If billboards are hijacked, they can force self-driving cars to brake

While it is certain that autonomous vehicles are not about to roll without any user intervention during a whole trip, there are still areas where they can improve. Researchers at Ben-Gurion University in the Negev in Israel have found that certain elements can impact the driving of self-driving cars, which could be very dangerous for those on board.

According to academics, artificial intelligence systems present in self-driving cars could be disrupted by ” ghost objects “. These cannot be seen with the naked eye by the driver, but they are taken into account by the vehicle device. As a result, the car may consider it necessary to brake quickly or turn. The display panels concerned would include the presence of flashing lights which could influence the reading by the devices of the vehicles, for the example of a Stop sign hijacked in this way.

Panels that can induce ” braking or swerving »

Security researcher Yisroel Mirsky says these hijacked signs could lead to ” braking or swerving »So that« the car will simply react, and [le conducteur, NDLR] won’t understand why ».

In a previous article on the subject, the specialized media Wired evokes the concrete case of Wired. These hypotheses were tested with vehicles from the group equipped with the latest version of Autopilot, the latest version of the driving assistance tool. About him, the automaker always clarifies that it does not replace the driver and always requires the vigilance of the latter. During the tests, a Stop sign which was visible by the vehicle for 0.42 seconds deceived the vehicle against 1/8e a second was enough for MobileEye — another anti-collision and driver assistance device.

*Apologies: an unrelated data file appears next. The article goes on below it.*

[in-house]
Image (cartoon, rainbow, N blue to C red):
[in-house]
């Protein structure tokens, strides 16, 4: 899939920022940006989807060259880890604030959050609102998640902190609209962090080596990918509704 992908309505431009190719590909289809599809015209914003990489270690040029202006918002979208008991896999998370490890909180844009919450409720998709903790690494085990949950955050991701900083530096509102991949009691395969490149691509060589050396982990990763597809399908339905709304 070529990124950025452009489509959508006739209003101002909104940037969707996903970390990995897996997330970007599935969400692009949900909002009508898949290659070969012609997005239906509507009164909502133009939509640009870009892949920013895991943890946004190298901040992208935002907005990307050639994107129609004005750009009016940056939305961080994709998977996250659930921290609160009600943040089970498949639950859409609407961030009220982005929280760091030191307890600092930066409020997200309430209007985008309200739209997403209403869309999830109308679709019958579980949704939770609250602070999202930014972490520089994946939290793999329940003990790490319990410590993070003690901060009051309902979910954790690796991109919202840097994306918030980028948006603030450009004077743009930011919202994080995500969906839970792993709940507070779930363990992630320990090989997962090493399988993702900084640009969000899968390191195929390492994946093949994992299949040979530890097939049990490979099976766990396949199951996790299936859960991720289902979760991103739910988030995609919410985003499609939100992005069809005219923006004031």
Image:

The results of this research should be communicated more widely in the future so that manufacturers can look into a solution. And for good reason, malicious people could use this kind of flaw to attack a large number of vehicles rather than targeting one specifically and having more difficulty reaching their end.

However, autonomous vehicles still have some progress to make before they are able to function perfectly correctly. We remember, among other things, the case of Uber’s car which failed to stop at the sight of a cyclist crossing the road. As the driver on board was not concentrated on the road, the person died as a result of the collision.

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